Posted by: Macaulay Christian
April 20, 2015
Imagine that, for some time and on a fairly consistent basis, you download and listen to all of your favorite music through one or more torrent sites. Whatever your personal beliefs are, you do know that, legally speaking, what you are doing is wrong. Your Internet service provider has even sent you periodic letters informing you that your conduct is infringing on various copyrights and that you should cease your activities immediately. You’ve allowed these notices to pile up, not even bothering to open the latest ones. Then, something happens, something that hasn’t happened before—your Internet is shut off. After playing around with your router, you phone your provider, wanting to have your service reestablished. You are informed that you have been permanently disconnected from the Internet because of your repeated copyright infringement, at the request of the major record labels.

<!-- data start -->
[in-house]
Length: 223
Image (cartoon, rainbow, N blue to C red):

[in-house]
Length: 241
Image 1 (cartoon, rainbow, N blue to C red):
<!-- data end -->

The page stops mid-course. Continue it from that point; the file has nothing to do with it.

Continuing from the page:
The thought is almost scary, if not only that your ISP could be compelled to permanently disconnect your service, going on in today’s highly interconnected world without regular access to the Internet is borderline unthinkable. It’s difficult enough for Millennials to try and conjure up conceptualizations of what life was like before the Internet, before computers. To have to navigate modern expectations of productivity, entertainment, and communication one must have access to the Internet.
The crux of the matter is what responsibility does or should ISPs have in policing copyright infringement committed by its subscribers on its network? In the United States, the answer to that question may rest in a lawsuit initiated against Cox, while in the case in Ireland may given big content a reason to hope. Continue reading